Saturday, October 21, 2006 10:13 PM bart

Increasing NetworkStream performance using a BufferedStream - Demo + Figures

Introduction

Lately I've done some code review focusing on security and performance. One of my findings is presented in this blog post, concerning network performance when working with streams. This sample illustrates how to optimize network throughput when working with NetworkStream objects.

Basically, a NetworkStream is non-buffered by default. When dealing with small pieces of data at a time this is highly inefficient. It's much better to have some buffer that collects data for network submission. This can be accomplished using the BufferedStream class in the System.IO API.

A simple demo server: the byte sucker

For demo purposes I'm presenting you with a simple "byte sucker" server that listens on some port for an incoming TCP connection and sucks data from it till the socket is closed by the client. No multi-threading, just plain simple code:

using System;
using
System.IO;
using
System.Net;
using
System.Net.Sockets;

class
Srv
{
   public static void Main(string
[] args)
   {
      Console.WriteLine("Byte sucker network server"
);
      Console.WriteLine("--------------------------\n"
);

      int
port = -1;
      if (args.Length != 1 || !int.TryParse(args[0], out
port))
      {
         Console.WriteLine("Usage: srv.exe <port>"
);
         return
;
      }

      TcpListener srv =
new
TcpListener(IPAddress.Loopback, port);
      srv.Start();

      while (true
)
      {
         Console.Write("Listening... "
);

         TcpClient clnt = srv.AcceptTcpClient();
         NetworkStream ns = clnt.GetStream();

         Console
.WriteLine("Client connected.");
         Console.Write("Receiving data... "
);

         while
(ns.ReadByte() != -1) ;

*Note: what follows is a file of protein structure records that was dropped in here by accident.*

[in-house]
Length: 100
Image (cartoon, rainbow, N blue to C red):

Console
.WriteLine("Finished.");
         Console
.WriteLine();
      }
   }
}

System;
using
System.IO;
using
System.Net;
using
System.Net.Sockets;

class
Srv
{
   public static void Main(string
[] args)
   {
      Console.WriteLine("Byte sucker network server"
);
      Console.WriteLine("--------------------------\n"
);

      int
port = -1;
      if (args.Length != 1 || !int.TryParse(args[0], out
port))
      {
         Console.WriteLine("Usage: srv.exe <port>"
);
         return
;
      }

      TcpListener srv =
new
TcpListener(IPAddress.Loopback, port);
      srv.Start();

      while (true
)
      {
         Console.Write("Listening... "
);

         TcpClient clnt = srv.AcceptTcpClient();
         NetworkStream ns = clnt.GetStream();

         Console
.WriteLine("Client connected.");
         Console.Write("Receiving data... "
);

         while
(ns.ReadByte() != -1) ;

         Console
.WriteLine("Finished.");
         Console
.WriteLine();
      }
   }
}

Optimizing a client

On to the real stuff: the client that submits data to the server. We'll assume a client that sends data on a byte-per-byte basis to the server. The straightforward way to do this is the following:

TcpClient clnt = new TcpClient("localhost", 1234);
NetworkStream ns = clnt.GetStream();
for (...; ...; ...)
   ns.WriteByte(...);

new TcpClient("localhost", 1234);
NetworkStream ns = clnt.GetStream();
for (...; ...; ...)
   ns.WriteByte(...);

A better way to do this relies on a buffer:

TcpClient clnt = new TcpClient("localhost", 1234);
NetworkStream ns = clnt.GetStream();
BufferedStream bs = new BufferedStream(ns);
for (...; ...; ...)
   bs.WriteByte(...);

The goal is to buffer data before passing it on to the underlying stream, in casu the NetworkStream.

Here's the full code:

using System;
using
System.Diagnostics;
using
System.IO;
using
System.Net.Sockets;

class